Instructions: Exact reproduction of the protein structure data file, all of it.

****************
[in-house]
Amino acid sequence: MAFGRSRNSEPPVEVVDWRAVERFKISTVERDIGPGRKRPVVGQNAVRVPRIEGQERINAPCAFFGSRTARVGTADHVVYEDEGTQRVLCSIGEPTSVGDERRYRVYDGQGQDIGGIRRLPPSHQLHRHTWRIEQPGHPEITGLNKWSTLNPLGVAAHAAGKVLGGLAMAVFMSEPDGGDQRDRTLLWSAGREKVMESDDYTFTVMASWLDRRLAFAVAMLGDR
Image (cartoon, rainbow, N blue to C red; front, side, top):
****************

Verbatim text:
[in-house]
Amino acid sequence: MAFGRSRNSEPPVEVVDWRAVERFKISTVERDIGPGRKRPVVGQNAVRVPRIEGQERINAPCAFFGSRTARVGTADHVVYEDEGTQRVLCSIGEPTSVGDERRYRVYDGQGQDIGGIRRLPPSHQLHRHTWRIEQPGHPEITGLNKWSTLNPLGVAAHAAGKVLGGLAMAVFMSEPDGGDQRDRTLLWSAGREKVMESDDYTFTVMASWLDRRLAFAVAMLGDR
Image (cartoon, rainbow, N blue to C red; front, side, top):